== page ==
An avocado a day keeps the heart doc at bay

An avocado a day keeps the heart doc at bay

What could an avocado possibly have to do with heart health? Plenty, if new research is any indication. Health researchers from Penn State University have discovered that a daily dose of this single-seeded berry (yes, avocado is technically a fruit) may help lower LDL cholesterol (the bad one) and reduce heart disease risk.

LDL or low-density lipoprotein is dubbed the bad cholesterol because it contributes to artery-hardening plaque that can lead to a heart attack, stroke or peripheral artery disease.

The research, published online in early January in the Journal of the American Heart Association, found that when avocados were added to a moderate-fat diet, LDL cholesterol levels were greatly reduced along with total cholesterol.

Researchers from the University, Pa.-based university tested three different cholesterol-lowering diets with 45 overweight adult participants between the ages of 21 and 70. One diet consisted of 24 percent fat, while the remaining two diets consisted of 34 percent fat. The latter two moderate-fat diets were almost identical, but one included one Hass avocado each day and the other used a comparable amount of high oleic acid oils (think olive oil) to match the fatty acid content of one avocado. (Hass avocados are smaller than their Florida counterparts and have green, bumpy skin.)

All three diets lowered LDL considerably for participants, however, an even greater reduction in LDL and total cholesterol was realized with the avocado diet. The avocado diet reduced LDL cholesterol by 13.5 mg/dL, while the moderate diet lowered it by 8.3 mg/dL and the low-fat diet by 7.4 mg/dL.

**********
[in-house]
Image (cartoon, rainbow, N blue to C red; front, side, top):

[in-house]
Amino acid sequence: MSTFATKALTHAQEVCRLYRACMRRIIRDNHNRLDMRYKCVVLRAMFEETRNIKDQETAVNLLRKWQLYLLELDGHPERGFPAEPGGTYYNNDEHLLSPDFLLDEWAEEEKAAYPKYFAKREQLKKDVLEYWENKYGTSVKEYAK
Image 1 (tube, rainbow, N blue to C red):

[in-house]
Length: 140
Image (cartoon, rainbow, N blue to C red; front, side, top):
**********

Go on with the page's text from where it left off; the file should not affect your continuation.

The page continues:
Although this controlled study was met with success, researchers cautioned that this was not a real-world scenario but more of a “proof of concept investigation.”

“We need to focus on getting people to eat a healthy diet that includes avocados and other food sources of better fats,” explained co-study author Penny Kris-Etherton, Penn State’s Distinguished Professor of Nutrition, in a statement.

Incorporating avocados into the diet may call for some education on consumers’ part. Kris-Etherton pointed out that most people in the United States don’t know how to use or prepare avocados, outside of guacamole.

“People should start thinking about eating avocados in new ways,” said Kris-Etherton. “I think using it as a condiment is a great way to incorporate avocados into meals—for instance putting a slice or two on a sandwich or using chopped avocado in a salad or to season vegetables,” she added.

Catherine LaBella, registered dietitian at Advocate Lutheran General Hospital in Park Ridge, Ill., says that avocado oil is pretty comparable to olive oil.

“It contains monounsaturated fat that is heart healthy and is high in vitamin E,” she says. Some people may steer clear of it because they’re unsure how to cook with it, but LaBella says incorporating it into your diet is fairly easy. She says its ideal use is as an ingredient poured sparingly on dishes like salads and pasta.

LaBella does add a word of caution, however. She says that some people with latex allergies can also have a cross allergy with avocado oil.

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  1. Love avocados! Putting them on a salad or a burger is my favorite!

  2. I love avocados, I add them to toast or pita chips all the time!

  3. Heck, I eat them raw!

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health enews Staff
health enews Staff

health enews staff is a group of experienced writers from our Advocate Aurora Health sites, which also includes freelance or intern writers.